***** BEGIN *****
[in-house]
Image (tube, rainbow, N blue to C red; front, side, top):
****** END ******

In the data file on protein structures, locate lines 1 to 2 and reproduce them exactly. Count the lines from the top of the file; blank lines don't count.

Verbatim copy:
[in-house]
Image (tube, rainbow, N blue to C red; front, side, top):